Sure – there will be those “extreme” situations where a business owner knows that he/she or one of their working employees has developed symptoms; makes a conscious decision to stay open and not “warn” anyone, thereby exposing patrons to someone who is exhibiting symptoms and who later tests positive for the disease. I would certainly hope that no insurance company or even the Chamber of Commerce would seriously contend that this business owner, by making a conscious decision to open their business, did not owe a duty to the public to take reasonable measures to protect the public from a risk of harm. I would hope that they likewise would not seriously contend that the public would not be entitled to know before entering their business whether someone inside is exhibiting symptoms that the “experts” associate with the virus and had not yet been tested.
As the old saying goes, “knowledge is power”, and given that the business owner knows this information (and the public doesn’t), there would clearly be a “duty to warn” the public so that they could make their own decision about whether to risk exposure.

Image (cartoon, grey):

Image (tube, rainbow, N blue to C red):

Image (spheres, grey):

But generally speaking, in what would be the “typical” situation where neither the business owner or his/her employees exhibit symptoms, the next task in a business owner making a decision about whether to reopen is to perform “due diligence” about their employees and where they have been and who they have been around during the “shutdown.” You certainly can’t put back to work someone who you know has not been practicing the required “social distancing”, or has been “traced” to someone who has tested positive for the virus. It would be advisable, therefore, to have employees fill out a questionnaire and affirm the accuracy of this information. While some may lie, the only question is whether you, as an employer, undertook “reasonable” measures to get this information; you’re not required to be perfect.